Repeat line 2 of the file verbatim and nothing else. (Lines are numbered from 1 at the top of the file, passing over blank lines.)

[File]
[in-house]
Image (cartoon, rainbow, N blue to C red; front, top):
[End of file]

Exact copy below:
Image (cartoon, rainbow, N blue to C red; front, top):